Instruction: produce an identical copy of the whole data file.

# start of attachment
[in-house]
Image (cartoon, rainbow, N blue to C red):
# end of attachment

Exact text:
[in-house]
Image (cartoon, rainbow, N blue to C red):